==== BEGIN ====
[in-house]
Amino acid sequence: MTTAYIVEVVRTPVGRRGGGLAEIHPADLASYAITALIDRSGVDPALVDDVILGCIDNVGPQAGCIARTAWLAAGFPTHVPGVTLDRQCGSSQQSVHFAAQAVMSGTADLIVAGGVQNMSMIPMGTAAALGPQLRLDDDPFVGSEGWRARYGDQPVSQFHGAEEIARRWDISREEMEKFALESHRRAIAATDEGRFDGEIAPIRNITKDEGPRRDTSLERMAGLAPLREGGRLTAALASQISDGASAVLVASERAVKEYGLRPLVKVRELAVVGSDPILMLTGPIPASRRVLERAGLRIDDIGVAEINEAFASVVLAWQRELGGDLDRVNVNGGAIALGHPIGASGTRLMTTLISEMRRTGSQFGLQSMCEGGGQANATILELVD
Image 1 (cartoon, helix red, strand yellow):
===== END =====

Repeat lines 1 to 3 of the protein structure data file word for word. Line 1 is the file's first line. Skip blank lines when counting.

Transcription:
[in-house]
Amino acid sequence: MTTAYIVEVVRTPVGRRGGGLAEIHPADLASYAITALIDRSGVDPALVDDVILGCIDNVGPQAGCIARTAWLAAGFPTHVPGVTLDRQCGSSQQSVHFAAQAVMSGTADLIVAGGVQNMSMIPMGTAAALGPQLRLDDDPFVGSEGWRARYGDQPVSQFHGAEEIARRWDISREEMEKFALESHRRAIAATDEGRFDGEIAPIRNITKDEGPRRDTSLERMAGLAPLREGGRLTAALASQISDGASAVLVASERAVKEYGLRPLVKVRELAVVGSDPILMLTGPIPASRRVLERAGLRIDDIGVAEINEAFASVVLAWQRELGGDLDRVNVNGGAIALGHPIGASGTRLMTTLISEMRRTGSQFGLQSMCEGGGQANATILELVD
Image 1 (cartoon, helix red, strand yellow):